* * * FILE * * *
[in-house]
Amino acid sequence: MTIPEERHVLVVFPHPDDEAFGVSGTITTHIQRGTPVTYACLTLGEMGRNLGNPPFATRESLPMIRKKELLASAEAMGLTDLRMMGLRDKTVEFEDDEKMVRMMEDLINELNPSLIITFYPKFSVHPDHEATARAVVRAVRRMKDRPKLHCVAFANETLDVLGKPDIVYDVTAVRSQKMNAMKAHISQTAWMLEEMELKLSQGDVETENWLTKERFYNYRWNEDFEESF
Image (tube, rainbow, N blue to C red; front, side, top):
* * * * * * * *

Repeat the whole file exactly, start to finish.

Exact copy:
[in-house]
Amino acid sequence: MTIPEERHVLVVFPHPDDEAFGVSGTITTHIQRGTPVTYACLTLGEMGRNLGNPPFATRESLPMIRKKELLASAEAMGLTDLRMMGLRDKTVEFEDDEKMVRMMEDLINELNPSLIITFYPKFSVHPDHEATARAVVRAVRRMKDRPKLHCVAFANETLDVLGKPDIVYDVTAVRSQKMNAMKAHISQTAWMLEEMELKLSQGDVETENWLTKERFYNYRWNEDFEESF
Image (tube, rainbow, N blue to C red; front, side, top):